I am a
Home I AM A Search Login

Papers of the Week

2022 May 28

Am J Emerg Med

Subarachnoid hemorrhage diagnosed by lumbar puncture after negative computed tomography angiography head: A case report.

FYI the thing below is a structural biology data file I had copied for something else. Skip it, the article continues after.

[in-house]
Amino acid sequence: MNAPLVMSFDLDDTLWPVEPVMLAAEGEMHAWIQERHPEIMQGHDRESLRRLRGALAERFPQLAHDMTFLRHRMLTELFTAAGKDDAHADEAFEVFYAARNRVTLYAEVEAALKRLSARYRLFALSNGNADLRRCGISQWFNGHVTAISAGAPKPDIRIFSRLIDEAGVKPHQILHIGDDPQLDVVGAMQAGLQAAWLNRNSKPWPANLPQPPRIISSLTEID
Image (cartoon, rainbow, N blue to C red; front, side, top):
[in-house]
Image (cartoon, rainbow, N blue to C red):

Acute headache is a common emergency department (ED) chief complaint that usually has a benign course. Rare etiologies such as subarachnoid hemorrhage (SAH) can lead to extensive disability or even death. If suspected, SAH requires an intricate and intensive diagnostic investigation. Classic teaching recommends computed tomography head imaging without contrast which, if negative, is followed by lumbar puncture (LP) to rule out SAH. With improvements in computed tomography (CT), practice patterns have begun to adjust to allow computed tomography angiography (CTA) to rule out SAH. This case report describes a 23-year-old woman presenting with headache, neck, and back pain. Her initial CT head and CTA head imaging was negative for SAH. However, 3 days later upon re-presentation to the ED with the same symptoms, an LP was positive for increasing red blood cell count in subsequent tubes. She was transferred to a facility with interventional neurology capabilities where digital subtraction angiography showed a left anterior choroidal saccular aneurysm for which she underwent coiling. Given recent changes in SAH clinical practice guidelines, this case highlights the importance of understanding the current limitations of CT imaging, understanding the risks and benefits of both CT and LP, and always maintaining a high suspicion for especially lethal and disabling conditions such as SAH.